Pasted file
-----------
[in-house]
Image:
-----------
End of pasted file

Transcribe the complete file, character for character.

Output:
[in-house]
Image: